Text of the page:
As a veteran, you have the right to file for disability compensation for multiple service-connected impairments. Each impairment will be rated separately and the ratings combined which can increase the amount of your monthly compensation. (But keep in mind that the ratings are combined, not just added together. For more see our video: “What is VA Math?)
If you are filing a claim for multiple disabilities you need to know about the VA’s rule against pyramiding. Pyramiding is the VA term for rating the same disability or same symptom more than once (even if the cause of the symptom comes from two or more different disabilities). By federal law pyramiding in VA disability claims is prohibited. The VA’s objective here is to avoid overcompensating a veteran.
On the surface the prohibition against pyramiding seems simple and obvious, but in practice it can be confusing and, at times, overwhelming. Disabilities can manifest — that is display symptoms — in unusual ways. The VA uses the VA Schedule for Rating Disabilities (VASRD) which lists the common symptoms for each specific disability or condition which is eligible for disability compensation. But a veteran’s symptoms may not always line up with the set of symptoms in the VASRD. Or in other instances the veteran might experience the same, or overlapping, symptoms as a result of two separate conditions. For certain types of multiple impairments, like respiratory diseases or mental health conditions for example, symptoms frequently overlap.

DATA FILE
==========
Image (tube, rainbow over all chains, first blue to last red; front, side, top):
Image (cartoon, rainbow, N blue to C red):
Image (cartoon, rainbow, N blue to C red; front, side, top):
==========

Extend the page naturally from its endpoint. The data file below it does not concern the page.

Examples of Pyramiding
Because this is a complex area of VA law, let’s look at a couple of examples to help clarify what constitutes pyramiding. A veteran who is coping with PTSD may be suffering from depression and anxiety. Although these are two separate mental health issues, the VA will consider these to have a common cause and issue one rating for this mental health condition. Let’s consider a veteran who has been diagnosed with Irritable Bowel Syndrome (IBS) and Gastroesophageal Reflux Disease (GERD). Although they are separate conditions, because they both affect the same body part (the digestive system) and present similar symptoms, the VA will only issue one rating; issuing two ratings would violate the prohibition against pyramiding.
(Even if the VA only issues one rating, by regulation the VA must apply a rating criterion that is most favorable — typically higher — to the veteran applying for disability benefits.)
When the VA Gets Pyramiding Wrong
In their zeal to keep from overcompensating disabled veterans the VA has a tendency to over apply this rule. As a veteran who served their country, you are entitled to a separate disability evaluation when an illness or injury results in two different disabilities. As long as you’re your symptoms do not overlap each other, the rule against pyramiding is not violated.
How an Accredited VA Attorney Can Help You
The key to getting a better rating when the VA applies the rule against pyramiding is for your attorney to present a case demonstrating that your conditions do not impact the same body system, and if they do, then they do not affect it in the same way.
Filing for VA disability benefits for multiple impairments can be complex, but you don’t have to take on the VA by yourself. At Cuddigan Law we know what it takes to get you the maximum benefits you deserve. Call us at 402.933.5405 or email our VA Disability Attorneys today for a free evaluation of your case.